In The Number Ones, I’m reviewing every single #1 single in the history of the Billboard Hot 100, starting with the chart’s beginning, in 1958, and working my way up into the present.
Disco was an up-from-underground movement as pure and revolutionary and all-encompassing as any of the other sea changes in the history of American popular music. Just like punk or rap or grunge — or like rock ‘n’ roll itself, really — disco is the story of a sound that took root, unnoticed, in a few small venues before going on to conquer the popular imagination. Because disco was built on lush, slick, cinematic sounds, it’s tempting to think of it as a top-down wave, an example of record labels dictating tastes to the American masses. But that’s not what it was. It was a tiny and insular scene — a few gay clubs in New York, and a few DJs who were on the hunt for the sounds that could move the crowds at those clubs. Nobody was making music for those crowds. The DJs had to go out and find it. The Hues Corporation’s “Rock The Boat” easily could’ve disappeared into history, a forgotten deep cut from a forgotten album, if those DJs hadn’t found it.
“Rock The Boat” was an accidental disco hit, but it was absolutely a disco hit. It’s got the disco beat, a steady four-on-the-floor thump that served as the heartbeat of that tiny New York scene. It’s got the fripperies, the horns and bongos and pianos and guitar-wails. It’s got the big, cheesy, dramatic chorus. The people who made “Rock The Boat” didn’t realize they were making a disco song. “Rock The Boat” has that beat because arranger Tom Sellers was trying to recreate a sound he’d heard while on vacation in the Caribbean. But they ended up with a disco song anyway.
The Hues Corporation started in Los Angeles in 1969. The songwriter Wally Hughes assembled the group as a vehicle for his own songs. He was hoping to put together a friendly and welcoming black soul-pop group who, ideally, could make a bunch of money as a Las Vegas nightclub act — something like late-’60s hitmakers Friends Of Distinction. The Hues Corporation was his second attempt at it after a group called Brothers And Sisters fell apart. (St. Clair Lee, a member of both Brothers And Sisters and the Hues Corporation, was Hughes’ surfing buddy.) Hughes named the new group the Hues Corporation, and it’s one of the all-time godawful puns in pop-music history. It’s a pun so band you probably didn’t realize it was a pun. (It’s like Howard Hughes’ old company, but with “hues” — as in, colors — in place of “Hughes.”)
The Hues Corporation signed to RCA after landing a few songs on the soundtrack of the culty 1972 blaxploitation movie Blacula. (Gene Page, another friend of Hughes, did the Blacula score, so that’s how they got that gig.) “Rock The Boat,” which Hughes wrote in 15 minutes, was originally an album track on Freedom For The Stallion, the excellently titled LP that the Hues Corporation released in 1973. It’s a gloriously dumb song, a song-length metaphor about a relationship as an ocean voyage: “Our love is like a ship on the ocean / We’ve been sailing with a cargo full of love and devotion.”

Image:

Everyone involved in “Rock The Boat” was shocked to learn it had caught on in these New York gay-club circles. It had, in fact, been a huge hit in New York clubs for months before the rest of the country caught on. So RCA responded by remixing the song, cranking the bass and drums up higher, and by putting the new version on a second Hues Corporation album. It worked. “Rock The Boat” went nationwide, powered by the energy of this underground New York scene.
It’s not that hard to hear why “Rock The Boat” was such a breath of fresh air. Most of the pop music of the early ’70s was safe and sleepy, if not appallingly hackneyed. ’60s psychedelia had died out, giving way to canned adult-contempo pop. But there’d also been this wave of lush, richly orchestrated soul songs, some of which pushed the beat. People were ready for a new sound, and “Rock The Boat” heralded the arrival of that sound. The song itself is a sprightly groove with some well-timed horn-stabs and a few pleasant string-swirls. I like the screamy guitar solo that bubbles up out of nowhere at the end. The song has spirit and energy, and it also has that beat. On its own, it’s fun enough. But it also signals a vast change, a coming of a new thing. It didn’t mean to signal that new thing, but it pushed things along regardless.
BONUS BEATS: Here’s the scene from Brian De Palma’s great 1993 movie Carlito’s Way where a perfectly horny and ridiculous Sean Penn dances to “Rock The Boat”:
BONUS BONUS BEATS: Here’s Yo La Tengo’s extremely short deadpan version of “Rock The Boat,” from the 2006 covers collection Yo La Tengo Is Murdering The Classics: